While a lot of people insist that Canada has no discernible cuisine of its own, the same could be said of Israel. A country that would barely qualify as a senior citizen if it were a person, Israel, like Canada, bears a confluence of influences on their national food scene. Canada might be older than Israel, but watching similar debates arise in filmmaker Roger Sherman’s charming and mouth-watering documentary In Search of Israeli Cuisine will hold a lot of chuckles and sly parallels for hip local foodies.
For his guide through the labyrinthine world of Israeli cuisine, Sherman turns to chef and restaurateur Michael Solomonov, who was born in Israel, raised in Pittsburgh, returned to his birth country to learn his trade, and returned to Pennsylvania to launch an Israeli restaurant. In Search of Israeli Cuisine finds Solomonov travelling all over the country, from the deserts and mountains to the secular hub of Tel Aviv and the devout city of Jerusalem. At every stop, Solomonov asks local chefs, journalists, historians, and foodies about their feelings on Israel food, and asks them pointedly if there is such a thing as Israeli cuisine.
Although mostly everyone Solomonov and Sherman talk to throughout In Search of Israeli Cuisine espouses their love of being able to use predominantly local ingredients in their cooking, no two people can define Israeli cuisine in the same way. Some even suggest that the country is too young to have any sort of established cuisine of its own, preferring to state that such a cultural touchstone remains in its infancy. Outside of obvious Palestinian influences, Israeli dishes bear not only Middle Eastern hallmarks, but also centuries of traditions brought to the country from migrants who lived in over 150 different cultures before the settling of Israel. While some people might think that Israeli cuisine means everything is strictly Kosher (which it most often isn’t outside of Jerusalem), there are distinct influences from Spain, France, Russia, Morocco, and Greece that are unavoidable. It’s a rustic, pastiche cuisine – kind of like Canada’s – that one chef lovingly jokes as being “crude, hot, and featuring lots of olive oil.” It’s reductive, but not always wrong.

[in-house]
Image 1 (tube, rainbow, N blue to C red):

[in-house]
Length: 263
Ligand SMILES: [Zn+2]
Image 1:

The other misconception about Israeli cuisine outlined by Solomonov and Sherman is that it comes from suffering, strife, and conflict, which couldn’t be further from the truth. A poignant section of the film nicely documents what it’s like to be a Palestinian chef in Israel whenever religious and political tensions flare up or get violent, but for the most part the food of Israel is depicted as a uniting force. Everyone speaks of similar influences, and many Jewish chefs pay reverence to the Arab and Muslim cuisines that they learned from. In Search of Israeli Cuisine suggests that food is not something to be politicized and that such views are what create inaccurate pictures of a country’s cuisine.
This might be one of those documentaries that will play better on television than it does in a theatre, since the production quality is well done, but stylistically and narratively structured like a PBS travelogue. It also feels like this could be the jumping off point for a much larger conversation about pastiche national cuisines, and one that Canada in particular could benefit from. By the end, In Search of Israeli Cuisine left me wanting more, but in a good way. On top of feeling hungry by the time it ended (the best signifier of a good film about food), I was compelled to learn more about the various techniques, ingredients, and styles used by some of the chefs being profiled. I’m sure it helps that I love cooking and I find the culture of cuisine to be fascinating, but to enjoy In Search of Israeli Cuisine, all you need to love is food in general.
In Search of Israeli Cuisine opens at The Hot Docs Ted Rogers Cinema on Friday, June 16, 2017.
Check out the trailer for In Search of Israeli Cuisine:
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